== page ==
Five months after natalizumab withdrawal, the patient developed a fulminant relapse with somnolence, inability to walk, and urinary retention. Cerebral and spinal MRI both revealed new lesions (Figure 1D-F). Findings from CSF examination showed an increased anti-NMDAR IgG titer (1:32; eFigure in the Supplement), but serum anti-NMDAR IgG was negative, again demonstrating intrathecal production of anti-NMDAR IgG antibodies. After intravenous corticosteroids and 6 courses of plasma exchange, the patient improved to her prerelapse level of functioning. She was subsequently treated with immunosuppressive therapy with mitoxantrone and tapered oral corticosteroids, which was associated with a certain stabilization and a reduction of anti-NMDAR IgG in CSF (titer, 1:10; October 2013). Still, her general condition deteriorated and she eventually died following urosepsis at the end of 2013. There was no postmortem examination. Figure 2 summarizes her clinical course and anti-NMDAR IgG antibody findings.

Figure 2.  Synopsis of Clinical Features and Anti–N-methyl-D-aspartate Receptor (NMDAR) IgG Antibody Titers in Cerebrospinal Fluid and Serum
Synopsis of Clinical Features and Anti–N-methyl-D-aspartate Receptor (NMDAR) IgG Antibody Titers in Cerebrospinal Fluid and Serum

MMSE indicates Mini-Mental State Examination; ND, not detectable; NPT, neuropsychological testing; PE, plasma exchange; RRMS, relapsing-remitting multiple sclerosis.

Written informed consent for this report was obtained from the patient’s family.


The initial presentation of the patient described in this report appears typical of MS, and she fulfilled both current clinical and MRI diagnostic criteria for MS.2 However, her subsequent disease course was characterized by an unusually severe and progressive cognitive decline, with marked impairment of anterograde memory as the most prominent deficit. Detection of intrathecally produced NMDAR IgG, which is highly specific for anti-NMDAR encephalitis,3,4 at the time of symptom onset and during a relapse following natalizumab withdrawal suggests that the patient’s cognitive impairment and further neuropsychiatric symptoms were related to these antibodies. Indeed, persistent cognitive impairments, mainly affecting memory and executive functions, were observed in 8 of 9 patients who underwent comprehensive neuropsychological assessment at a median of 43 months after acute anti-NMDAR encephalitis.5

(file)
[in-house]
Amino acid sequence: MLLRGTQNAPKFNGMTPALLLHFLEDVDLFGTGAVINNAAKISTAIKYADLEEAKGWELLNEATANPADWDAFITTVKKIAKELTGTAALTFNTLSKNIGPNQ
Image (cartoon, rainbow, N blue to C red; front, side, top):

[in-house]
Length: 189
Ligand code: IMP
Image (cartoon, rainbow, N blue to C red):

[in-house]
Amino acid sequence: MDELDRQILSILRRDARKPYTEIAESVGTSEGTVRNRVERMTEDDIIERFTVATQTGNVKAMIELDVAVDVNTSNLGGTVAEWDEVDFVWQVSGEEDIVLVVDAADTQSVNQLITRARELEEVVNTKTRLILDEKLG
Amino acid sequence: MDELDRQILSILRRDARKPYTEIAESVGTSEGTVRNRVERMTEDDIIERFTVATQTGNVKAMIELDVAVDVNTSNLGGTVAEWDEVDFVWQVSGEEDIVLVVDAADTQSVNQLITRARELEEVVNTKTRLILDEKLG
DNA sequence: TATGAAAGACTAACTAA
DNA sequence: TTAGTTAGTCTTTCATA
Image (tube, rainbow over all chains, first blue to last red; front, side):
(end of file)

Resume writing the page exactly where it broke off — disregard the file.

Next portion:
Titulaer et al6 described overlapping demyelinating syndromes in 23 patients with NMDAR encephalitis. While most of those patients (18 of 23) had antibodies to aquaporin 4 or myelin-oligodendrocyte glycoprotein, suggesting that demyelinating syndromes in patients with NMDAR encephalitis might be associated with the co-occurrence of these antibodies, our patient had no antibodies to aquaporin 4 or myelin-oligodendrocyte glycoprotein. Nevertheless, because in 5 of 23 cases no antibodies other than to NMDAR were detectable, it remains possible that NMDAR antibodies themselves might be associated with demyelination.6 Although we thus cannot exclude that our patient’s entire disease process was related to NMDAR antibodies, we feel that given the characteristic initial course and the MS-typical paraclinical findings, our patient had a true co-incidence of MS and NMDAR encephalitis.

In the only other patient with MS and anti-NMDAR encephalitis described so far, diagnosis was based on the detection of antibodies to the NMDAR NR2B subunit in CSF.7 Because anti-NMDAR antibodies in patients with anti-NMDAR encephalitis are directed against the NR1 subunit of the NMDAR and only rarely codetect NR2B,3 to our knowledge, we believe this to be the first report of a patient with MS with the characteristic laboratory finding of anti-NMDAR encephalitis.